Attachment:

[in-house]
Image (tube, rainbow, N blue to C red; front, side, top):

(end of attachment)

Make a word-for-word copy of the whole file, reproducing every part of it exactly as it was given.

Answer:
[in-house]
Image (tube, rainbow, N blue to C red; front, side, top):